I have several but top of the hit parade is Charlesdowniea crassiramosa. I’ve always had a soft spot for the Wetzeliella (everything was group, but I really fell for the huge specimens of then Wetzeliella tenuivirgula var. crassoramosa. It took me about a day to traverse the first specimen I found: it was so big. Eventually I produced, for me, a major work of art, a camera lucida drawing of both surfaces. That was a labour of love. My second favourite is Areosphaeridium diktyoplokum. The specimens are so spectacular and it photographs so spectacularly. Somewhere, I have one of Lew Stover’s transparencies (Henk Brinkhuis always calls these slides) that shows the duplication of the plate outline by the distal extremity of the process on the antapical plate. The third star in my list is Homotryblium tenuispinosum. I couldn’t figure this one out at all. Then Bill Evitt’s classic 1961 paper appeared and I realised what hystrichospheres were all about. It was like being hit by a thunderbolt when I first read that paper in the library at Sheffield University. I started writing to Bill and was really impressed with how he always answered both my numerous questions and my letters. Bill deserves all the credit for figuring out Homotryblium but he let me take all the credit. Thanks to him, I did some research and didn’t simply count spines on round spheres.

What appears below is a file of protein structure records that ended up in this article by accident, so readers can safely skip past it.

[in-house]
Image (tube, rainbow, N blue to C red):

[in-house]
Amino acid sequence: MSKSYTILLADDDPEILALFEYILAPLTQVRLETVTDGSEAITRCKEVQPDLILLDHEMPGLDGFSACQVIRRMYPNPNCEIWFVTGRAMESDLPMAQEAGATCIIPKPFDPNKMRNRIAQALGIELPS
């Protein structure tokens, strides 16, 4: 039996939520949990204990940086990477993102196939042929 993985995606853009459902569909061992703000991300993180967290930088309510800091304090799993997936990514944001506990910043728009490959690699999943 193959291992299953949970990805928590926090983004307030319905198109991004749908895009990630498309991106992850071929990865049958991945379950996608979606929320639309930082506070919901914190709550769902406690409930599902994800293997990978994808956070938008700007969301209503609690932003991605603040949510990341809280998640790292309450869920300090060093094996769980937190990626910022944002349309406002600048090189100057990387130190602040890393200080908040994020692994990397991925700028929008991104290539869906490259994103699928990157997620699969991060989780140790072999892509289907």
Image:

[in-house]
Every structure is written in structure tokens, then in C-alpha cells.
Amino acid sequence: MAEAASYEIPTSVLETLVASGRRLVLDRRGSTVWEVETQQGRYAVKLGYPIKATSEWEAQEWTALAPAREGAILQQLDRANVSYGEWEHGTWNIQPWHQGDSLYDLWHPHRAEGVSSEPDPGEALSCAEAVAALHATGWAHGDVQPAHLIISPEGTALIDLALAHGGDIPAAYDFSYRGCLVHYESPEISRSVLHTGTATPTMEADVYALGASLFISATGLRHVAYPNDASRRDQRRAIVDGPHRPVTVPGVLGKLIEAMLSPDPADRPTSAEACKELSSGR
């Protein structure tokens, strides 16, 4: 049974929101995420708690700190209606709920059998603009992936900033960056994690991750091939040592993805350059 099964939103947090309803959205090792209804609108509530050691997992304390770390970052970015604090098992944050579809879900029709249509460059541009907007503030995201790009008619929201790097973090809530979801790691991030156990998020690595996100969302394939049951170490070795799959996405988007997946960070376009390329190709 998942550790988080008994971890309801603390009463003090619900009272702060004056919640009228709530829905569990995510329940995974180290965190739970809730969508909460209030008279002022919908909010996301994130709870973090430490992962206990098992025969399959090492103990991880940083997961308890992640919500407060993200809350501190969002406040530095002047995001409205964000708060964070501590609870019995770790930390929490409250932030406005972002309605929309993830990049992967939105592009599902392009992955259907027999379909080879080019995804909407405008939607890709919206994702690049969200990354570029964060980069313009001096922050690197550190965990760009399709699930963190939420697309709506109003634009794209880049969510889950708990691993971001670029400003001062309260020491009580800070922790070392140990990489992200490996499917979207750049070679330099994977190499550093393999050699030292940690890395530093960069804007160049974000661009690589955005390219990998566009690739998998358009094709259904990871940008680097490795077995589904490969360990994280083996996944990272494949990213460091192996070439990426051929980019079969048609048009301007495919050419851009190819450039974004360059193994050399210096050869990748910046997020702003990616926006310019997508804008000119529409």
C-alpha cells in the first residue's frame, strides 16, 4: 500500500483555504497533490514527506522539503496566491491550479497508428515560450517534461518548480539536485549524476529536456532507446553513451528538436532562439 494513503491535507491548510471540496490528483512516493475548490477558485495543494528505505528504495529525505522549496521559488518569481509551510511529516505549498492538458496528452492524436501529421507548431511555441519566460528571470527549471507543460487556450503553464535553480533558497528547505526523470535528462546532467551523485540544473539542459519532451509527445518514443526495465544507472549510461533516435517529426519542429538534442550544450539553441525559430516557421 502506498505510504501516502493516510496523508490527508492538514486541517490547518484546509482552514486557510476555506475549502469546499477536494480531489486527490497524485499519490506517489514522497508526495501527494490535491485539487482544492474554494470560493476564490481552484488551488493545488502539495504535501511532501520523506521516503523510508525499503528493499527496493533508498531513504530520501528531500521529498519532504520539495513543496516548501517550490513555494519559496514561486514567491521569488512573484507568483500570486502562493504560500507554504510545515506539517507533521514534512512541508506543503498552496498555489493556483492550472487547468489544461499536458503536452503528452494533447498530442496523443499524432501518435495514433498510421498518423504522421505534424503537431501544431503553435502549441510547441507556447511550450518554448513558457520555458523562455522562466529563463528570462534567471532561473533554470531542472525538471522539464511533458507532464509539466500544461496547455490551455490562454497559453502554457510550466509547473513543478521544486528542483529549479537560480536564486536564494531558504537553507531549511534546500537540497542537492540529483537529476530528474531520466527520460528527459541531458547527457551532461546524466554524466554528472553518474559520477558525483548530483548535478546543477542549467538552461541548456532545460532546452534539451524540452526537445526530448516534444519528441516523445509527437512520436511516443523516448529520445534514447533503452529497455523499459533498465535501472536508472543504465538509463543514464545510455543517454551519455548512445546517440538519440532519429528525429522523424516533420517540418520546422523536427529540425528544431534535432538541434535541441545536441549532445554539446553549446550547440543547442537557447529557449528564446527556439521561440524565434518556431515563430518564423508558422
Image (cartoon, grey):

5. When and how did you get in touch with the PPGU/ the people from Utrecht?
I first met Henk Brinkhuis at an ICP meeting in Calgary in 1981 but he didn’t register. We first really got to know each other at Dino 4 in Woods Hole in 1989. Woods Hole is tiny, but it has one bar that is open all year round. Lew Stover dropped in the first night and there was this weird character telling jokes. And surprisingly, they were good jokes. That started Lew and me off and we enjoyed ourselves so much that we went back the following night. And the following night, until the end of the week. After that, Lew, Henk and I became good friends. Henk, always willing to take risks, decided that Lou, Henk and I should give a course at Utrecht on Tertiary dinoflagellates. We agreed we should also invite Sarah Damassa and decided the course would be in 1993, in conjunction with Dino 5. Sadly, Lou died in early 1993 and I told Henk that I didn’t want to give the course. We agreed to present it the following year and so I paid my first visit to Utrecht in June 1994. I couldn’t believe it, it rained every day and was cold (even by Canadian standards). However, I survived. Since 1994, I have been back to Utrecht so many times and made to feel so welcome that I regard it as my second home. I have even survived the dreaded one-day drive to Italy and enjoyed it. Hopefully, I shall make many more visits to the LPP group.